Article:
Essay by Sangita Sarkar
I believe that every child has the right to education.
It was December 2005. Exhausted from the transatlantic journey from the U.S., I threw myself on the calloused yet welcoming bed in my grandparents’ bungalow nestled in the bustling city of Calcutta, India. My eyes met with a shy but curious pair of eyes belonging to a servant girl named Mira. She swept the floors with her head lowered- her ashy face with hopelessness written all over it. From my grandfather, I learned that Mira was both an orphan and a primary school dropout working for just fifteen rupees a day to support herself and three younger brothers. During my short stay in the chaotic and developing country, my eyes were painfully opened to a world where a lack of access to education forced the less fortunate into servitude and poverty. Feeling so privileged to attend college and benefit from the opportunities it provided me, I promised myself that I would find ways to change what I witnessed that December.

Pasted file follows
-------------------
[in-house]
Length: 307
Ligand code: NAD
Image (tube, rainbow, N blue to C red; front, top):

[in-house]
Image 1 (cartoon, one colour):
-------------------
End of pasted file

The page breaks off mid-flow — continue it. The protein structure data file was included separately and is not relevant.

March 2009. After graduating from college, I spent a few months in Calcutta working with the Missionaries of Charity, more specifically at Mother Teresa’s orphanage. My daily responsibilities included tutoring elementary-age children in English and looking after their daily needs. While the unfamiliar and often hectic environment posed a challenge, it was the gratifying smile from the kids that kept me going back every day. By conversing with them in the mother tongue of Bengali, I was able to relate to their experiences and provide them an incentive to keep working towards their dreams. A few weeks into the program, I saw Mira- this time walking with her head high and opening up to me about her desire to become a teacher. Because I believe every child has the right to education, I will continue to contribute to this cause to give orphaned children, like Mira, a second chance to a brighter future. This I believe.